When BenD first mentioned O.J. Mayo’s name on Indy Cornrow’s Trade Deadline Open Thread at 3:00 p.m., the time of the trade deadline, it began a hurricane of confirmations, collapses, and a whole lot of "wait, what’s happening, really?"s, it settled an hour later with the Pacers making no moves at the trade deadline, a frenzy ultimately whipped up by the instant nature of the world we live.
The proposed deal, which began surfacing around 3 o’clock, was Indiana sending Josh McRoberts and a lottery protected first round pick to the Memphis Grizzlies in exchange for O.J. Mayo. While those were the preliminary basics of the deal, more would eventually have to be involved given the discrepancies in salaries between the two players. The rumor began gaining steam with every Twitter update; fans trying to grasp the move, rationalize it, looking for the yes or no in confirmation before Indy Star beat writer Mike Wells confirmed it around 3:30; the Pacers had indeed traded for O.J. Mayo.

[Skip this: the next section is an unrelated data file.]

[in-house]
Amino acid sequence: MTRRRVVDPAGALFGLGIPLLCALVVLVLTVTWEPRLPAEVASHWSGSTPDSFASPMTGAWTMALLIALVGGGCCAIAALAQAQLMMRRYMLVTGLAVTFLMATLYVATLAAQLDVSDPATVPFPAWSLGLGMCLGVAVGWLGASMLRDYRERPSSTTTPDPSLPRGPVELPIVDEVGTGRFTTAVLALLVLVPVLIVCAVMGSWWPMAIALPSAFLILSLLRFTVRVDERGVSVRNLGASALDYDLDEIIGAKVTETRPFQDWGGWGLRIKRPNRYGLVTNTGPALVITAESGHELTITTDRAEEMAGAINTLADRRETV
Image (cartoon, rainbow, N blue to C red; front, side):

As websites were updated and TV personalities began talking about the acquisition, it was a short five minutes later before something hit a snag…the trade had fallen through. Wait…what? The next twenty-five minutes were a flurry of "did they?!" "didn’t they!?" and conflicting reports as to the validity of the deal. JMV dismissed it, NBA TV and ESPN confirmed it, Chad Ford confirmed it and then cautiously unconfirmed it. What was happening? How could a simple trade deadline deal be holding so much confusion? While fans were looking for a yes or no, coming out were reasons the trade fell through. It was the teams missing the deadlines. The Grizzlies pulled out of the deal at the last second.
Eventually, the dust began to settle: the Pacers had not acquired O.J. Mayo. But what ended up being the reason? Was Mayo even a good fit for the team?